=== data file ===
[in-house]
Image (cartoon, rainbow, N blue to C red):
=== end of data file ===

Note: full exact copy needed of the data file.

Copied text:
[in-house]
Image (cartoon, rainbow, N blue to C red):